Must the critic be a photographer? As mentioned above, not necessarily. There are those non-photographers who give great critiques. But the number of competent critics from practicing photographers far, far outnumber non-photographers. For very obvious reasons.
Not all photographers make good critics. Just like not all good footballers make good coaches. In this subforum, one sees a lot of comments from "professionals" making their own values the standards by which others should follow. Example: the thread on "Yuki". They forgot, or they might not even know that some are not interested to make images for clients or profits. So such critiques are totally misdirected and irrelevant. Giving critiques to a fellow photographer who aspires to be a wedding photographer will be very different from giving critiques to a fellow photographer who wants to make 'art" images.
So professional photographers may not be the best as critics, because they might have pigeoned themselves into a specific mindset over the years. But still, on the whole, I would value the opinions of photographers over nonphotographers.
So who are qualified, by the criteria laid down above?
I am certainly not. And I suspect that most are not. Does it mean that therefore we should not attempt to give critiques? Or course not!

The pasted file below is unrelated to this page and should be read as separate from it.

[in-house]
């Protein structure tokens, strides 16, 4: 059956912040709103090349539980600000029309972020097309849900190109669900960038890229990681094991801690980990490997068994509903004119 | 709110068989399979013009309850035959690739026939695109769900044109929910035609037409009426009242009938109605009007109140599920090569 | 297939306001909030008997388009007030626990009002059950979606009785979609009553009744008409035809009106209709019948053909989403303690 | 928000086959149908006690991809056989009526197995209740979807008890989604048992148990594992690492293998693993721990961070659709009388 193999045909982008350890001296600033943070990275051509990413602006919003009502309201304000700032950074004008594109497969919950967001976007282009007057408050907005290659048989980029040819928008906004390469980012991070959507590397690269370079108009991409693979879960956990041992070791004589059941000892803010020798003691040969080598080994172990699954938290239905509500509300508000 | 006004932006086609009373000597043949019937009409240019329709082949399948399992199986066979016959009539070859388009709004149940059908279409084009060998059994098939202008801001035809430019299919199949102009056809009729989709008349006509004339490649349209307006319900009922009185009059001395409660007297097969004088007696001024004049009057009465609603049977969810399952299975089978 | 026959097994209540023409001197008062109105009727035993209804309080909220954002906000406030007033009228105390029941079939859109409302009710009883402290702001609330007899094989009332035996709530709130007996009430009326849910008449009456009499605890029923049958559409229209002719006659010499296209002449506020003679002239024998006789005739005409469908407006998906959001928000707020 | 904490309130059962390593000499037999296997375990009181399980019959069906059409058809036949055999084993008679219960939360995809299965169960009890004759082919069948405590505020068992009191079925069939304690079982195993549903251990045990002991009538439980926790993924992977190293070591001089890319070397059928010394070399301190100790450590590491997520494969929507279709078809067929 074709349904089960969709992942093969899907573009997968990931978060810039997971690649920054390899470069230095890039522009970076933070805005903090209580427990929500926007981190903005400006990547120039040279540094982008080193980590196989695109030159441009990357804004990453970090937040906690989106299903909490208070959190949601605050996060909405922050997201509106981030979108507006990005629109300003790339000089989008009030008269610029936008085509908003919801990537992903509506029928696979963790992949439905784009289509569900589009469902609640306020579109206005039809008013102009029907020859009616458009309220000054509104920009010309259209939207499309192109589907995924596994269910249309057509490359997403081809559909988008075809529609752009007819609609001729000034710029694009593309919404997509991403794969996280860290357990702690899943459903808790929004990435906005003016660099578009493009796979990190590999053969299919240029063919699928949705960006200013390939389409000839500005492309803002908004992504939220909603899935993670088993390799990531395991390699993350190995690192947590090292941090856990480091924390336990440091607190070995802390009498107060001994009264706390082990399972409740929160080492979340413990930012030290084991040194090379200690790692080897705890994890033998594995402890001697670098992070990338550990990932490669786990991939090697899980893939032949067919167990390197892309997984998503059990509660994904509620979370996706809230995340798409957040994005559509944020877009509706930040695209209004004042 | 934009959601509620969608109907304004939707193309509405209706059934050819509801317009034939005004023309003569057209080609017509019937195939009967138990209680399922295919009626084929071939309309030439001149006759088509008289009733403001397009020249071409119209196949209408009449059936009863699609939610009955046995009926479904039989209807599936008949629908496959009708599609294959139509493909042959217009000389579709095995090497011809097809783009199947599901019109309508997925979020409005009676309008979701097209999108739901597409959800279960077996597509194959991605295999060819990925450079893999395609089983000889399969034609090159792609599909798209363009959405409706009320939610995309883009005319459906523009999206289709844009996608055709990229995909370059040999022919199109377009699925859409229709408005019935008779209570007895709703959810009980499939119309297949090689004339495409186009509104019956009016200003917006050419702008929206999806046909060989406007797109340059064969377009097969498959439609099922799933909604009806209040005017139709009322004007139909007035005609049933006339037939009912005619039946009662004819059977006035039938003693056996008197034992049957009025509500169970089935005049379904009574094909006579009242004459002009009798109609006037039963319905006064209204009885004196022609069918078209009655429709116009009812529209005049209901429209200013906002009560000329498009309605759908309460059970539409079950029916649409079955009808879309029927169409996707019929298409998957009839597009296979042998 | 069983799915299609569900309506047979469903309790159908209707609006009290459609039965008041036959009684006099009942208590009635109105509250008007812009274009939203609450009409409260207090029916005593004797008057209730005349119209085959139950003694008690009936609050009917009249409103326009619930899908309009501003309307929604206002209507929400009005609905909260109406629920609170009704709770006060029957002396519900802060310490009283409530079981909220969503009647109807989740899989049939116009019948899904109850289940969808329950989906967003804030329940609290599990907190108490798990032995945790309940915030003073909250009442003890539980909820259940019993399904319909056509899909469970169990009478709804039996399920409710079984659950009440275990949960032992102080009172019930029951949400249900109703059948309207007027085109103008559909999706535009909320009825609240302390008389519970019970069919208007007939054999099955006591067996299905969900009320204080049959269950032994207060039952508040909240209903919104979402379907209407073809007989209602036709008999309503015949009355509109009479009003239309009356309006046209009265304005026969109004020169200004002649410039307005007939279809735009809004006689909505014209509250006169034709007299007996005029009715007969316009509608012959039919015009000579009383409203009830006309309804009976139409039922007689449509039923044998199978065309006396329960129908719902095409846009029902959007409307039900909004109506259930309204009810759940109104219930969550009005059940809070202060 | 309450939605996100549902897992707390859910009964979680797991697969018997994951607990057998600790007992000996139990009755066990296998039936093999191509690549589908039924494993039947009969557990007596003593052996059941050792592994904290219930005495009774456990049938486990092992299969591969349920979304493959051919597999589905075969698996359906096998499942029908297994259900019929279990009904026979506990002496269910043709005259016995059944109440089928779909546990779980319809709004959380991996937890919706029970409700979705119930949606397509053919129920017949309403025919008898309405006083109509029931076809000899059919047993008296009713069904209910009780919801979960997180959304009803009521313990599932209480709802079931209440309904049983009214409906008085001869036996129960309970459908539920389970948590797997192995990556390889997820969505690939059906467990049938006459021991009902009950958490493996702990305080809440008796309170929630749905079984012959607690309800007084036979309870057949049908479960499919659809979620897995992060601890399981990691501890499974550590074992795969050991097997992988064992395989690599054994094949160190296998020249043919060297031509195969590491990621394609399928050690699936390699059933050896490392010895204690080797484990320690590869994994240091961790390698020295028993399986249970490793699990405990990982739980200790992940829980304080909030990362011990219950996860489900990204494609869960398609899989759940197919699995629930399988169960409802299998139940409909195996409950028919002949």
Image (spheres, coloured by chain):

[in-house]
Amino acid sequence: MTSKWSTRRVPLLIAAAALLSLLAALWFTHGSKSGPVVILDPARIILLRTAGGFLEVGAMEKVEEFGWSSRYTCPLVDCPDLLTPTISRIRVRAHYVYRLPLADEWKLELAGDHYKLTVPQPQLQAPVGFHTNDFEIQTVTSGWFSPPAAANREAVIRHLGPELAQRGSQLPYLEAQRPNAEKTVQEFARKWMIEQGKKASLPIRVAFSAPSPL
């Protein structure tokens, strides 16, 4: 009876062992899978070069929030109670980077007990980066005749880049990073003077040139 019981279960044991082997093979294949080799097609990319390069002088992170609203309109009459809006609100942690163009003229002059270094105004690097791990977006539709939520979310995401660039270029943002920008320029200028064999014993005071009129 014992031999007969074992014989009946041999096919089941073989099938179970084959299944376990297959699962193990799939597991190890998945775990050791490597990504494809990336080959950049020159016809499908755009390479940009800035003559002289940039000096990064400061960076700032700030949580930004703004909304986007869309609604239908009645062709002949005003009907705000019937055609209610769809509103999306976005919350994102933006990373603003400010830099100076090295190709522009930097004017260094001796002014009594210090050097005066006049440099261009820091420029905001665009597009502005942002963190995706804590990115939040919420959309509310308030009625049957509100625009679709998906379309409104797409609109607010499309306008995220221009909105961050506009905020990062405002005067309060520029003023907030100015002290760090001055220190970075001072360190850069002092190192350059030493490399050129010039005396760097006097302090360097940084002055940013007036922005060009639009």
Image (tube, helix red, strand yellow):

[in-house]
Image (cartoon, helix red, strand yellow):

But I hope that we can look at ourselves in the mirror, and ask if we really possess keen artistic sense. If we possess a clear analytical mind. If we are competent to show how, by word or example. If we are able to communicate clearly our thoughts.
And most importantly, if we really care.
This, I think is the most important. Even if we do not possess keen artistic sense. If we do not possess keen analytical minds. If we do not possess competent know how. If we are not in command of language abilities. We can still give critiques.
But we will know our place. The value of our critiques. We will be a lot less arrogant and dogmatic. And that qualifies us to give critiques right here in our beloved CS.
those who can, shoot...
those who cannot, shoot other photographers down
Black lens, white Lens, can take picture is a Good lens
For me, I'm a simple fella - critiques are welcome from anyone, but the more valuable ones will naturally be the ones themselves dare to be critiqued i.e. put their own pictures up.
The rest are of the everyday normal garden or armchair variety - they do have some value, but well, how can I accept their words if I don't even have a chance to see their own work?
I'll ask my stat board to come up with a framework to certify critics.
What is it ?
Name of programme: National Skills Recognition System (NSRS)
Programme type: Critique Training Framework
Objectives: A national framework for establishing work performance standards, identifying job competencies and certifying skills acquisition.
PS :Currently, security guards must have NSRS to be hired as a qualified guard.
So.. for those who wants to be critics... talk to me.. i mean... my stat board...
My Canon 20D has a count of over 30k (the button got jammed for 12 hours ... hehe).....
Of those shots, I am glad to say that my worst critic is quite impressed with about 6 of them.
I don't post many photo's here, but when I do I am expecting the worst comments straight up.
I have recieved what I expected with the replies, but it has certainly made me think and learn !
The critics have been what gave me insight to produce those 6 photo's that I am impressed with.
Time, is an effortless construction :)